I very much like butterflies but I have to wonder whether the decline of some species in Europe (blamed on the effects of changing agricultural practices leading to fewer flower-filled meadows) needs to be reversed by going back to older production techniques  (http://www.guardian.co.uk/environment/2010/dec/09/grassland-butterflies-decline-europe ).  Presumably, the now threatened species were not so common before meadows were created and extended by human activities. It would seem better to uncouple the link between agriculture and the encouragement of these attractive species (very clearly a 'human' choice).

Friday, 10 December 2010

Birder's Bonus 83

At Penclacwydd, evidence that a bird of prey has dined out!

A Star Turn?

The story that materials extracted from the slime surrounding Scottish starfish may prove to be of medical importance seems just a bit premature (http://www.bbc.co.uk/news/science-environment-11931039). The starfish produce their 'goo' to prevent their surfaces being colonised by other species that surround them in their sea environment. In deed, the agents are described as being more effective than Teflon. The people involved in these studies suggest that these chemicals may give rise to drugs benefiting asthma, hay fever and arthritis patients. One could even suggest that drugs preventing materials sticking to the inside of blood vessels may result. What about chemicals preventing the build up of plaque on teeth? These materials are, however, a long way from generation (if they result at all). I seem to remember that claims about the plethora of potential agents to be extracted from marine organisms were made more than 30 years ago. There have been a few successes but these are very few and far between.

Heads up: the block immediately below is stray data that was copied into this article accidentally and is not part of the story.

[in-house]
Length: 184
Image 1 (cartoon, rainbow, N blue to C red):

Wednesday, 8 December 2010

Birder's Bonus 82

A Lapwing (Vanellus vanellus) has taken to foraging amongst the molehills beside the Llanelli bypass.

Saturday, 4 December 2010

Birder's Bonus 81